About 200 Christian Missionaries Stuck in Haiti After Riots Close Airports; One Team Plans to Return Home

About 200 Southern Baptists on mission were trapped in Haiti after violent riots closed airports, sources told Baptist Press, but at least one team plans to return home today (July 9).

“The Woodland Community Church (Bradenton, Fla.) and The Glade Church (Mt. Juliet, Tenn.) team arrived safely at the airport in Port-au-Prince this morning! They are scheduled to return home to the U.S later today,” the Bradenton church posted on its Facebook page this morning. “Thank you for praying for this incredible group during their extended stay in Neply” about 20 miles outside of Port-au-Prince.

Additional Southern Baptist teams from several churches in Alabama, Georgia and Louisiana were working to return home this week, according to BP interviews and published press reports. No Southern Baptist teams have reported any injuries to team members.

At least three Haitians were killed July 6 in rioting after the government announced it would raise gas prices that were already high. One pastor estimated gas was $5 a gallon before the hike, and that the average wage was about $2 a day for some Haitians. The government dropped plans to raise prices after the violence began, and national news reports indicate normalcy has returned to some parts of the capital city.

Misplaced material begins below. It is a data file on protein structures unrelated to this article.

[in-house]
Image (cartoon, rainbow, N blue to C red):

James Jenkins, church planting director of the Louisiana Baptist Convention, rode out the violence while housed at the Croix-des-Bouquets (Flower of the Cross) mission house in Port-au-Prince with 35 mission members from Louisiana. He estimated a total of 120 Southern Baptists were retained at the site, including teams from Alabama and Georgia.

“We’re fine. Looks like the gunfire and smoke … have dissipated,” Jenkins said today. “I’m understanding at least one team of people left here and went to the airport. We should be able to go to the airport tomorrow.”

The Louisiana team composed of several churches arrived in Haiti July 5, just days before violence erupted in response to a spiking gas prices.

“This happened basically on the second day we were here,” Jenkins said. Mission team members who had split into three group to conduct pastor training, Vacation Bible School and construction outreaches were summoned back to Croix-des-Bouquets.

“For two days (afterwards) I would say it was tense,” Jenkins told BP. “We were blessed that this started to occur when we had come back to the compound that first night. We were not able to leave the compound. There was a team that tried” but turned around when they heard gunfire.

Gunfire was coming “from any direction” at the height of the violence, Jenkins said. “They were burning tires, explosions going on,” and mission teams realized the importance of following government contingency plans for evacuation and safety.

“It just was a tough situation,” he said. “We see light at the end of the tunnel.”

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Source: Baptist Press